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The Strangest Ways Students Have Saved Money

October 26, 2017 | Comment

When you’re a student, money can be tight. We all have memories of pinching pennies and living on beans on toast because we’ve spent our budget on beer. Some students take savings above and beyond though, with epic work arounds to avoid big costs.

The Rent is Cheap, but the Commute’s Murder

One of your biggest costs as a student is accommodation. It varies widely depending on where you are studying: University of Huddersfield accommodation can be had for as little as £70 a week, whereas in London prices can stretch into hundreds of pounds.

One way to get a better deal on accommodation in a big city is to live away from the centre of town and live with a long commute into lectures, and many do this, but one student has taken things to the next level.

Jonathan Davey, an anthropology student studying at the University of London could have been paying nearly £900 a week to live nearby. Looking further afield, he found a great deal on a flat. In Poland.

Rather than cycling in to study, he flies 1000 miles from Gdansk to Luton every Monday, getting in at 6am and staying with friends or in cheap hostels through the week. On Friday, he flies 2000 miles home again. Paying only £35 a week for his room in Poland, his entire rent and transport bill comes to only £2100 a year, the cheapest for any student in London.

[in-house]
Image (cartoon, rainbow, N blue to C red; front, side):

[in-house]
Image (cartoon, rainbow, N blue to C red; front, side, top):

Planes, Trains and Automobiles

Train tickets are extremely expensive for long journeys across the UK. Going from London to Edinburgh can cost more than £150, which can make going home for the holidays tricky to budget at the end of term.

Blogger and Student Jordan Cox was on his way back from Sheffield to Essex and found a train would cost nearly £50. A bit of creative googling later, Jordan found he could save money and see a bit more of the world by travelling from Sheffield to Essex via Berlin.

Flying from East Midlands Airport to Berlin, exploring the city and then flying to Stansted came in at £3 cheaper than the train. Obviously this isn’t the most eco-friendly way to economise, but a journey like this certainly gets you some added value if you have the extra time to enjoy exploring an exciting European city into your trip.

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